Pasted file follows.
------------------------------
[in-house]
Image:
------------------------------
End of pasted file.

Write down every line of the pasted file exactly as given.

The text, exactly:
[in-house]
Image: